Our good buddy Aaron makes a huge batch of pizzelles, traditional Italian Christmas cookies, every year. We look forward to his cookies as a favorite holiday tradition. Last year, after he had finished making the cookies, we borrowed his pizzelle iron, a Brame family heirloom, along with his aunt's handwritten recipe for pizzelles. We had every intention of getting right on it. We had that thing for nearly a year before we struck out on our own and made some pizzelles, but we're glad we finally did! Now we are considering buying a pizzelle iron of our very own.
These make great cookies on their own, but as usual, we like to carry things way too far in the kitchen. So, we stuffed these delicious cookies cannoli-style with two sweetened Italian cheeses. Serve them with hot tea or espresso and watch the The Snowman with some people you like.
Clementine Pizzelle Cannoli
2 eggs (beaten)
2/3 cup cane sugar
2/3 cup soy or olive oil margarine (melted)
1 cup plus 1 tablespoon all-purpose flour
2/3 tablespoon anise powder
2/3 tablespoon vanilla
zest of 1 clementine
Clementine Cannoli Filling (recipe follows)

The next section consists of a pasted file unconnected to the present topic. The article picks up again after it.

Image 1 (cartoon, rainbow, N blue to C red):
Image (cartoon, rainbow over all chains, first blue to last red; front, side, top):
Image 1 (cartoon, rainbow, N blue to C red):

Chocolate shavings, supremed clementines, and powdered sugar (optional, to garnish)
Preheat the pizzelle iron. Mix the eggs, sugar, margarine, flour, anise, vanilla, and zest together in a large bowl. (The result sould look like a loose cookie dough.) Drop dough by the tablespoon into pizzelle iron and close, wait 30-45 seconds, and retrieve the pizzelle using kitchen tongs. While the cookie is still hot, curl it into a tube shape and place it seam-side-down to keep it from unfurling.
Remove the filling bag from the fridge and snip off one of the corners using kitchen shears. Using it like a pastry bag, fill each cannoli-shaped pizzelle from both ends. Garnish and serve. Once filled, the shells will stay crispy for a few hours. Overnight, the shells will soften just a bit which is still delicious. (Makes 15-18 cannoli.)
Clementine Cannoli Filling
Wednesday, 12 December 2012